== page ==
What Do You Want To Know About The 2020 Honda Grom?

Illustration for article titled What Do You Want To Know About The 2020 Honda Grom?
Image: Honda

Howdy bike-lopnic fans! How are you on this most glorious of days? I’m feeling pretty good right now, because this afternoon I’ll be receiving a brand new Grom from Honda for an extended test session. I’m predisposed to like this little two-wheeler because I have commuted on small bore Hondas for years primarily on the Grom’s spiritual ancestor 1982 MB5.


Honda probably wants me to say very nice things about the Grom, and I just might, but I’ll have to ride it first to find out if it’s worthy of the glory that was the MB5.

(Full Disclosure: Honda reached out to ask if I would like to test any of its current lineup. The four-R CBR1000RR-R isn’t ready yet, and the Africa Twin has been covered to death elsewhere, so we decided to test a couple of bikes that have been in the lineup for a little bit to see how they hold up. I have not yet seen the bikes in person, as they will be delivered to my office in Reno, Nev. later today.)

Despite having been introduced six years ago and visually updated three years ago, Jalopnik has never reviewed the little 125cc Honda—though Andrew did sit on one once. It’s time to change that, because you can’t get much more analog than a little zippy boy like this one with a 4-speed manual gearbox. I am not a small man, so I expect to look ridiculous in the saddle, but that’s sort of the point. My commute is completely on flat surface streets, so I will get a great idea of how the bike works in its normal environment, though I do expect to take it a little outside of its comfort zone on some of the great riding roads in the area.

Don’t worry, though, I’ll still be socially distant and ride responsibly. I’m going alone, I will avoid shared spaces except when I absolutely need gasoline, and I’ll bring some Purell. 

I haven’t been on a motorcycle since I began self isolating back in March (literally the day I got back from my Royal Enfield road trip) so I’m excited to swing a leg over something again. We’re in the heat of summer already in Nevada, so that will be an excellent opportunity for me to get in some serious riding miles while I have a Honda in the driveway.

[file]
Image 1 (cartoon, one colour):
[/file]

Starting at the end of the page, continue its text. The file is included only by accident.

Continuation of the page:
You meet the nicest people on a Honda. I wonder who I’ll meet.

More importantly, I wonder what you all want to know about the Grom.

Jalopnik contributor with a love for everything sketchy and eclectic.



I have some curiosity about the Grom but nothing serious - not in the market for a bike. I always do the math and wind up deciding that for less than twice as much money (or in the case of a cruiser, considerably less money) I can have far more than twice as much vehicle that is way more useful.

Bikes aren’t logical purchases. They’re a hoot, they’re fun as hell, about as entertaining as a vehicle can be without it being the star of a Pixar movie. Taking one through the mountains around here is one hell of a great way to spend the day. But when looked at with the cold, dead eyes of the guy who’s had to squeeze and pinch every penny for far too long, they are a waste of money. You won’t enjoy using them in bad weather. You can’t carry much. You can’t go very far. Hemorrhoids.

So make it make sense. The Grom has a very tight niche, appearing to be virtually useless for anything but local commutes for everyone except the certifiably insane. It ain’t fast, the only passenger you can fit behind you will be Peter Dinklage, and it might help if you aren’t very big yourself.

That’s my question. Can you make a business case for bikes in general, and the Grom in particular.